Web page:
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Balanced but biased

August 21, 2016

The BBC’s menopause advice

Is odd (click here), and not just because they chose three men to deliver it; “Imagine I’m a woman” says the interviewer!

For the series Trust me, I’m a doctor the BBC interviewed two doctors with opposing views about long-term menopausal hormone therapy. Klim McPherson an epidemiologist from Oxford, presented the conventional view (click here); it carries increased risks of breast cancer, strokes, and heart disease and therefore should be used for symptom relief only, and in the lowest dose and for the shortest time possible. The absolute risks are low, so women whose symptoms persist may choose to take it for longer, just so long as they know the risks. But hormone therapy should never be used for “health promotion”. Few would quarrel with that.

But the producers wanted controversy, an “expert” who would downplay the risks and say that hormone therapy is good for you. They found John Studd.

Studd’s early enthusiasm for menopausal hormone therapy was at least based on the evidence available at the time. It was hardly his fault that drug companies had concealed adverse cardiac events, and that the “healthy user” effect made observational studies misleading.  But his passion did rather run away with him.  Here he is from 1988 (quoted in “Hot Flushes, Cold Science: A History of the Modern Menopause 2011 by Louise Foxcroft here).

“[There is now] little serious controversy about the devastating effects of oestrogen deficiency or the beneficial effects of hormone replacement therapy in post menopausal women. Pockets of resistance remain, more spiritual than medical, but fundamentally the news concerning heart attacks, strokes and carcinoma of the uterus is good. Some minor skirmishes concerning the dose and route of oestrogens, and the correct progestagens for the prevention of endometrial pathology remain, but essentially the battle has been fought and won.”

As Foxcroft wrote, such “hideously inappropriate, crusading language of prophets and wars” hardly suggested a disinterested seeker after scientific truth.

She was right. When the Women’s Health Initiative (WHI) trials (click here) were suspended because the hormone therapy harms made it unethical to continue, Studd couldn’t, or wouldn’t, alter his opinion. Instead he doubled down on his belief that hormone therapy is good for you, bad mouthing WHI overall, while selectively quoting those subgroup analyses and secondary endpoints which supported his ideas.

His reputation suffered. In the last century his papers regularly appeared in BJOG, the BMJ and Lancet. Now he’s pretty much confined to obscure menopause journals supported by industry and run by his friends. But pharma loved him, and put him on their advisory boards and flew him round the world to spread the word.

Before long he had turned into a single issue campaigner advocating estrogen therapy for everything. On his website (click here) he cites “10 reasons to be happy about HRT”, and even castigates psychiatrists for not treating depression with hormones!  His “10 reasons” include making women more beautiful, more randy and nicer to live with!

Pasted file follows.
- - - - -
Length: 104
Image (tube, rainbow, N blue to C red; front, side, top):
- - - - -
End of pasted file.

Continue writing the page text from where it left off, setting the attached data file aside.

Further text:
Studd performed as the BBC hoped (click here). When asked about the increased risks of breast cancer he first avoided the question, and segued into his polished riff about the WHI trials which, according to him, studied “the wrong patients, with the wrong drug, by the wrong route, using the wrong dose and came to the wrong conclusions”. Of course he’s entitled to his opinion, but it’s him who’s wrong; no-one who knows anything about clinical research would agree with him. The two WHI trials studied more woman for longer than any other, and in the latest Cochrane review (click here) were among the minority accorded a perfect score of 7/7 on trial design.

When the interviewer pushes him, and asks about the claim that long-term HRT doubles the risk of breast cancer he denies that anyone thinks the risk is that great, and suggests that even the most anti-hormone experts only quote a relative risk of 1.1 or 1.2. This provokes incredulity in the interviewer who had just recorded McPherson stating the risk was doubled (click here. It’s at 55 seconds). McPherson is right. The relevant Cochrane review (click here) gives a relative risk of breast cancer death after long-term hormone therapy of 1.98.

When asked if he ever takes women women off hormone therapy, Studd replies: “No, I don’t take women off HRT.” Women must be thankful that he no longer works for the NHS.

Thank you to my colleague Susan Bewley who pointed out this poor choice of “expert”, and persuaded the BBC to add a sentence to indicate Studd’s conflict of interest:

“Professor John Studd now works entirely in private practice, specialising in HRT-based treatments.”

I think this is inadequate. I think the BBC should remove Studd’s interview altogether. If they won’t do that, they should add a much stronger conflict of interest statement. Here’s a suggestion.

“Professor Studd has a conflict of interest. He has received funding for travel, lecture fees and payment to sit on their advisory boards, from many manufacturers of menopausal hormone therapy. He no longer works for the NHS, instead running a private clinic where he advocates and prescribes estrogens, either alone or in combination with other hormones, for pretty much every woman who comes through the door.”

Jim Thornton

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